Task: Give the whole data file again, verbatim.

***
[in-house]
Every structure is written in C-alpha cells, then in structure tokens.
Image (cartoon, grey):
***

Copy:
[in-house]
Every structure is written in C-alpha cells, then in structure tokens.
Image (cartoon, grey):